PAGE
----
Wednesday, September 24, 2014

Hebrew 6:9-12 Keep at it!

Even though we speak like this, dear friends, we are convinced of better things in your case—the things that have to do with salvation.  God is not unjust; he will not forget your work and the love you have shown him as you have helped his people and continue to help them.  We want each of you to show this same diligence to the very end, so that what you hope for may be fully realized. We do not want you to become lazy, but to imitate those who through faith and patience inherit what has been promised. (Hebrews 6:9-12)

In the previous passages, the author of Hebrews has been speaking some harder words about the need to mature and the sad state of those who reject Christ. But he turns in this next passage to assure them that he knows that these believers will indeed persevere in their faith. He will continue to remind them of the superiority of Christ and His sacrificial death for us.

However, in these few verses it could be assumed that these believers were being justified to God by their works. From the whole of scriptures we know this is not what the writer is saying. He IS saying that their works for God do not go unnoticed. God WILL remember our works done for Him, and, in fact, will reward us for them. But the only work that saves us and reconciles sinful man to our holy God is the work of Christ on the cross. But our works do justify us before men. They prove our faith to others - not to God, who already knows our hearts - but to men who can only judge our faith by what they see in our actions.

The other day I heard that wonderful radio preacher, J. Vernon McGee, though now deceased, still preaching it out in old recordings, quoting John Calvin on the tension between faith and works:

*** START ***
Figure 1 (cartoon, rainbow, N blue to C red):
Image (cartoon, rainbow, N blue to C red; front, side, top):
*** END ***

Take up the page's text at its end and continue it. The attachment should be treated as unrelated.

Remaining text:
Faith alone saves - but faith that saves is never alone - John Calvin

This just sums it all up for me. We have been saved by grace alone, through faith alone, in Christ alone. Period. However, real saving faith will ALWAYS result in works, because it comes from the heart of God. Our hearts should be moved by His to reach out to a lost world. Our faith in a compassionate, loving God should compel us to demonstrate that love to others in tangible ways. They should be able to look at us and see Jesus.

Notice that the author of Hebrews says that the Christian life will require diligence to the end. This is not a faith for the lazy, but will require patience in order to inherit what has been promised. The closer I get to the end, the more I see the need to not rest but to keep on moving and doing. It’s not a time for the “younger folk” to take over while I sit on the front porch. My work for Christ won’t be over “til it’s over.

My job is now to pass on what I’ve learned, to pour myself and my energy into getting out the gospel, and, indeed, living out the gospel - to my grandchildren, to my coworkers, to my neighbors, to anyone God puts in my path! Am I doing it? Not nearly enough or boldly enough! In teeny-tiny ways, maybe. But I’m getting restless to do MORE! Pray with me that we will all want to be more, grow more, and demonstrate more of Christ. 

We are told here to imitate those who have modeled this diligence for us.  Later in this letter the author will list off for us the heroes of the faith who did persevere, but next he will turn to the certainty of the promise of God. Good stuff ahead! Stay with me here!  

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